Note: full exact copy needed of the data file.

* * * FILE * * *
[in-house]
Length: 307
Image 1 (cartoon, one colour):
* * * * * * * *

[in-house]
Length: 307
Image 1 (cartoon, one colour):